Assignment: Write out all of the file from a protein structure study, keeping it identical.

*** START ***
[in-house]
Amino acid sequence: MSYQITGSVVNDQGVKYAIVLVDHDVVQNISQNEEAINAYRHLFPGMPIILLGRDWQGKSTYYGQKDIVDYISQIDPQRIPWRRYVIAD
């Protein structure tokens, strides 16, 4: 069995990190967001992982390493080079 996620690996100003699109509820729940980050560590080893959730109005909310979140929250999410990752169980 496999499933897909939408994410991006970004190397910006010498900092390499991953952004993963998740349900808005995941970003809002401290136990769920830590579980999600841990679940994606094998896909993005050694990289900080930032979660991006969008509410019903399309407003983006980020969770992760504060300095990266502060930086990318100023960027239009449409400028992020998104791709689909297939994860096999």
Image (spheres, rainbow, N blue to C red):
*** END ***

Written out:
[in-house]
Amino acid sequence: MSYQITGSVVNDQGVKYAIVLVDHDVVQNISQNEEAINAYRHLFPGMPIILLGRDWQGKSTYYGQKDIVDYISQIDPQRIPWRRYVIAD
């Protein structure tokens, strides 16, 4: 069995990190967001992982390493080079 996620690996100003699109509820729940980050560590080893959730109005909310979140929250999410990752169980 496999499933897909939408994410991006970004190397910006010498900092390499991953952004993963998740349900808005995941970003809002401290136990769920830590579980999600841990679940994606094998896909993005050694990289900080930032979660991006969008509410019903399309407003983006980020969770992760504060300095990266502060930086990318100023960027239009449409400028992020998104791709689909297939994860096999």
Image (spheres, rainbow, N blue to C red):